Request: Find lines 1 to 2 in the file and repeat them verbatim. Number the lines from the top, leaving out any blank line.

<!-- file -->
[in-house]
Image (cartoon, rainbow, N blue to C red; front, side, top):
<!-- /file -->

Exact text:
[in-house]
Image (cartoon, rainbow, N blue to C red; front, side, top):